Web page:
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D - Documentation Error

reply Unicode User <Unicode_member pathlink.com> writes:
Hi,

Not sure if this is the right place to report this. I am very, VERY impressed
with D - especially with the UTF support. Spending some time learning D now.

But there's an error in the documentation of the Basic Data Types. It says:
"char = unsigned 8 bit ASCII".

I would point out that ASCII, *BY DEFINITION* is only seven bits wide, and
therefore that the phrase "8 bit ASCII" is meaningless, and open to all sorts of
possible misinterpretation. Three corrections are possible, and I don't know
which one is right:
1. char = unsigned 7 bit ASCII.
2. char = unsigned 8 bit UTF-8
3. char = unsigned 8-bit ISO 8059-1 (aka LATIN-1)

Please note that while choice 3 is a subset of Unicode, it is incompatible with
choice 2. Each of the three choices differ in how codepoints 0x80 to 0xFF are
interpretted. Specifically:
1. ASCII - codepoints 0x80 to 0xFF are undefined
2. UTF-8 - codepoints 0x80 to 0xFF are reserved for proper UTF-8 encoding
3. ISO 8059-1 - codepoints 0x80 to 0xFF represent Unicode chars U+0080 to
U+00FF.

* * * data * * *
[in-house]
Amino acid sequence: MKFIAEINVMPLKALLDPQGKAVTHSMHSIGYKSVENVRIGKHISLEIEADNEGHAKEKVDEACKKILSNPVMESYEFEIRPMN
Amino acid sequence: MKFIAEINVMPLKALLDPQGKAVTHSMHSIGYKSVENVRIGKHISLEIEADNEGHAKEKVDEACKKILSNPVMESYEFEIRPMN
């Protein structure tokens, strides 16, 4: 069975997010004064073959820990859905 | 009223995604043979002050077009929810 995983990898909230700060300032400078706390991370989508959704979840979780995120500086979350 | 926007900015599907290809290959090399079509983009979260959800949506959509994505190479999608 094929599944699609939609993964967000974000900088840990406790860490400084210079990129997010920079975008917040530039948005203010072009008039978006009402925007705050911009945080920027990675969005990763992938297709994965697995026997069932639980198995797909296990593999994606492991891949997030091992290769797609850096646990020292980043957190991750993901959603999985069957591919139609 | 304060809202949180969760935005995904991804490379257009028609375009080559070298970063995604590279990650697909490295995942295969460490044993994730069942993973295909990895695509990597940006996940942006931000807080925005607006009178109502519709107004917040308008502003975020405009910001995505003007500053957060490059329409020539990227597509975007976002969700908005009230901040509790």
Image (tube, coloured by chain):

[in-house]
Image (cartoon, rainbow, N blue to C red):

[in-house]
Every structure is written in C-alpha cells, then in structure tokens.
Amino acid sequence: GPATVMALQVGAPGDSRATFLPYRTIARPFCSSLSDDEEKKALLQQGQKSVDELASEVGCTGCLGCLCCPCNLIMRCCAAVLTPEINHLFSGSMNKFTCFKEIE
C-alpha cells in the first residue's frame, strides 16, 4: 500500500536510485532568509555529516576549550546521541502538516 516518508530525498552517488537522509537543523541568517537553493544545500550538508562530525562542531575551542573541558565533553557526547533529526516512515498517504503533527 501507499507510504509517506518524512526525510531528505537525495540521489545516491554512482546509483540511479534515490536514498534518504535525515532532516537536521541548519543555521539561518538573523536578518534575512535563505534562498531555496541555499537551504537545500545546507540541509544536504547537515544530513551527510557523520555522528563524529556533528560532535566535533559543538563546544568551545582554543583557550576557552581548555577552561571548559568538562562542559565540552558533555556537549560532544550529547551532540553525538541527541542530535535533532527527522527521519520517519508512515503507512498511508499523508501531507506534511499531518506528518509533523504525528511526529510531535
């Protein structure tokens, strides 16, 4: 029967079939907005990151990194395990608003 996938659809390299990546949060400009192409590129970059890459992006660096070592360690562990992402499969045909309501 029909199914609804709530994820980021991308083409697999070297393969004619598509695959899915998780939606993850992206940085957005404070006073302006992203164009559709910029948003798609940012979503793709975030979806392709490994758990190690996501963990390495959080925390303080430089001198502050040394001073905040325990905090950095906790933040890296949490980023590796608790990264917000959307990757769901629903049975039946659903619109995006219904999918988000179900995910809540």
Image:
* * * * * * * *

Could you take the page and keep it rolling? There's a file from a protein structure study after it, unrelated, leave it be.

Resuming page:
This seems a simple thing to fix. If this is not the right place to report this,
please can someone point me to the right place. Thanks.
Mar 11 2004
parent "Walter" <walter digitalmars.com> writes:
You must be looking at an old version. The current doc defines char as
unsigned 8 bit UTF-8. -Walter

"Unicode User" <Unicode_member pathlink.com> wrote in message
news:c2pgq5$1tnc$1 digitaldaemon.com...
 Hi,

 Not sure if this is the right place to report this. I am very, VERY

 with D - especially with the UTF support. Spending some time learning D

 But there's an error in the documentation of the Basic Data Types. It

 "char = unsigned 8 bit ASCII".

 I would point out that ASCII, *BY DEFINITION* is only seven bits wide, and
 therefore that the phrase "8 bit ASCII" is meaningless, and open to all

 possible misinterpretation. Three corrections are possible, and I don't

 which one is right:
 1. char = unsigned 7 bit ASCII.
 2. char = unsigned 8 bit UTF-8
 3. char = unsigned 8-bit ISO 8059-1 (aka LATIN-1)

 Please note that while choice 3 is a subset of Unicode, it is incompatible

 choice 2. Each of the three choices differ in how codepoints 0x80 to 0xFF

 interpretted. Specifically:
 1. ASCII - codepoints 0x80 to 0xFF are undefined
 2. UTF-8 - codepoints 0x80 to 0xFF are reserved for proper UTF-8 encoding
 3. ISO 8059-1 - codepoints 0x80 to 0xFF represent Unicode chars U+0080 to
 U+00FF.

 This seems a simple thing to fix. If this is not the right place to report

 please can someone point me to the right place. Thanks.

Mar 11 2004